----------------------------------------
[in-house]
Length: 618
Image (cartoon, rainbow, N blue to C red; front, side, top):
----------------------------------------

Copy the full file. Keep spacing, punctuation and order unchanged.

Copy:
[in-house]
Length: 618
Image (cartoon, rainbow, N blue to C red; front, side, top):